ARTICLE: It's easy to shout out allegations on social media. Anyone and everyone can state their opinion repetitively, using buzz words to get more mileage. It's a burden and a blessing, enabling wrongdoings to be highlighted while simultaneously, allowing a space for fake propaganda and scandals. ‘Racism', for instance, was a word that immediately sprang out on Twitter when designer brand Elan released images from its Spring/Summer Lawn 2020 campaign.

It has long been Elan's practice to shoot its annual lawn collections in exotic locales around the world and this time, they had chosen to fly out to Lamu Island in Kenya. The luxury line was featured in images that traversed the many picturesque nooks within the island: carved doorways melding African artistry with Arabic influences, vivid flora, swirling calligraphy on walls, rustic marketplaces and a seashore, twinkling in the sun. Accompanying model Mushk Kaleem in the campaign was Gabriel Fords, a dark-skinned Nigerian model.

His skin colour prompted local Twitter to rear its head and exclaim ‘racism' and ‘cultural appropriation'! To be fair, there have been frequent times in the past when Pakistani fashion has been unabashedly racist. There have been campaigns where the indigenous population of a region has been carelessly placed in the backdrop, serving as a prop and badly-conceived images in which a glamorous woman has been pictured with a handful of poverty-stricken coolies carrying her designer luggage. Lost in its elitist bubble, local fashion has often blundered and been disrespectful towards particular cultures, ethnicities or economic statuses. This is probably one of the reasons why social media assumed that this was, once again, a case of cultural appropriation.

But was it? There are brands that have duly deserved the social media criticism that has come hurtling their way. But there are others, that have become a victim of fake propagandization. Khadijah Shah, CEO at Elan, Tweeted in retaliation to some of the critique, “The Elan campaign gives out a message of acceptance and racial harmony. We show an interracial couple discovering an island in Africa. The island itself has been ravaged by terrorism in recent years and bringing the focus back on its beauty will prove to be beneficial for locals … look within yourselves and sort out your inherent prejudices. Learn to love and embrace and look beyond color and race!"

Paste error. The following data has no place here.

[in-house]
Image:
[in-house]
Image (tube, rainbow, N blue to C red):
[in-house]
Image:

Sifting through the campaign, it truly is an enticing travelogue unveiling a lesser-known destination. The architecture and natural beauty of Lamu stands out as does model Gabriel Fords. Gabriel is dark-skinned and attractive and Mushk and he make a striking couple in multiple images that show the two of them roaming the island. The culture of Lamu and Gabriel being a native of Africa do add impact to the campaign but is this cultural appropriation or just a celebration of the unexplored beauty of the isle?

In an official statement, Khadijah Shah stated, “… We realized we were pushing the envelope by using an African model for our shoot, given the kind of prejudices that exist in our society around color and race. However, as an industry leader, we also saw it as our responsibility to take a stand against such prejudiced and regressive ways of thinking. Earlier this year, when these images were first shared, as expected we received blowback on using a black model. Ironically, today we are being accused of the opposite: racism and cultural appropriation. We at Elan are guilty of neither charge. This entire campaign has been a celebration of love, diversity and inclusiveness. We hope that our followers and patrons can see it through a similar lens. We thank all of you who have stood by us during this time and supported our vision not just for our brand, but for a more inclusive and tolerant country."